‘Sybil’, aka ‘Sybil Sherwood,’ has pastel blossoms, for a soft, serene presentation.
Dreamy salmon-pink blossoms with cream centers are as refreshing as sherbet on a warm summer day.
At 18 inches tall, plants are spectacular in naturalistic, knee-high meandering drifts.
Find ‘Sybil’ seeds now from Outsidepride via Amazon in packages containing 5,000 or 10,000.
Also, C. amoena is often included in California wildflower seed mixes that contain a variety of compatible plants. However, they sometimes contain non-native species, so read closely if you want to choose all endemic plants.
Managing Pests and Disease
As I always say, the best defense against pests and disease is a healthy plant.
With quality seeds, by avoiding both under- and over-watering, practicing regular weeding, and allowing for appropriate spacing, you’re going to be ahead of the game when it comes to warding off problems.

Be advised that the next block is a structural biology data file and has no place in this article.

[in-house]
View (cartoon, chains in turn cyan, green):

However, even with best practices, factors beyond our control – like excessive rainfall – can start trouble.
Pests to be on the lookout for with satin flower are:
These are all sap-sucking insects that can cause foliar deformity, desiccation, and death. If you can, pick them off and drop them into a bucket of soapsuds to destroy them.
An application of organic neem oil may also be helpful.
As for disease, the following may pose problems if conditions are too moist:
- Leaf Spot
- Powdery Mildew
- Stem Rot
- Verticillium Wilt
Leaf spot and powdery mildew adversely affect foliage, and are treatable with fungicide.
Stem rot and Verticillium wilt attack roots in the soil, and may cause irreversible damage and death.
Satin flower is suited to multiple garden placements.
Taller types make excellent anchors in foundation beds, with a middle and lower row of flora in front of them to take center stage after they’ve finished their early season bloom.
They also make a wonderful addition to tall wildflower meadows, where they can wave freely in the breeze.
Shorter stature varieties offer a more compact form that is suited to beds, borders, containers, and massing in drifts.
And guess what?
Deer don’t like this plant, but pollinators love it.
Sow C. amoena liberally in your butterfly, cottage, and cutting gardens with companions like California poppy, delphinium, larkspur, marigold, wallflower, and other annuals that share the same cultural requirements.